My Precious – Your Humanity

Okay, so not a “Lord of the Rings” fan – but couldn’t resist thinking of Gollum’s “my precious” as I reached into the blouse pocket of my uniform neatly draped over the back of an over utilized office chair.  Now, card in hand, I recognized in over 10 years I have never once left my military ID card at work…until yesterday that is.

This produced a bit of mental anguish.  Mostly because I’m a creature of habit.  I knew I could find a way on base, but I prefer smooth sailing to execute the mundane day-to-day tasks.  The last thing I wanted to do is inconvenience a Shipmate.

It didn’t take long to think of a solution.  “I know, I’ll just bring my wife’s ID card,” I thought.  I can explain my situation to the sentry, they can scan her card and it’s business as usual.  Apparently this sounded better in my head.

“Nope, nope, NOPE!” came the sentry’s response.  He continued, “You can’t get onto base with someone else’s ID card!”  Simultaneously, I looked across to the other sentry who greets me with a warm smile nearly every day…and often waves me through without even looking at my card.  He was shaking his head back and forth accompanied by a ‘stank-eye’ directed at me to seethe all hopes and dreams.  I cordially made my U-turn.  I told the sentry that “I understand”.  I do.  We are both cogs in a machine.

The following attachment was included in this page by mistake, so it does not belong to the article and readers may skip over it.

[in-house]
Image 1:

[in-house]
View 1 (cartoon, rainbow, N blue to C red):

I wondered however (while adding an additional 10ish miles to a 50 minute commute), WHAT IF…we were all human for a day?  You know, like family?  Treated everyone like brothers and sisters?  If the sentry’s family member or best friend was in my situation this morning – we all know the policy would have been irrelevant.

It’s hard to believe that a man’s word actually counted for something just a couple of generations back.  What about marriage?  It meant nothing today.  I’m not looking for breaks.  I didn’t want the man to look down at my ID, notice the DOB and sing me happy birthday.  But I did want him to look down.  Compare the (uncommon) last name on my driver’s license to that of my wife’s ID and then make a decision trusting his own antennae.  This wasn’t just “someone else’s” ID card.  This is the same person who the military entitles to medical benefits, a housing allowance and a large sum of money if I die.

I reached the gate closest to my appointed place of duty.  This time a young Marine stood the watch.  “Hey brother, I work right there,” pointing up the road.  I continued to explain my predicament.  He looked at the ID, scanned it and said, “As long as you can tell us where you work.”  What!?  Again, it wasn’t the marriage that counted for anything.  It wasn’t the same last name matching up.  This time it was my ability to name my duty station.  I’m not sure his logic was perfect.  But gratitude couldn’t help but flow as he revealed a glimpse of “raw humanity”.  He made a judgment call and took me at my word.

Next time someone loses “their precious,” hear them out.  Use your Spidey senses and err on the side of “help”.  Make the world a better place.

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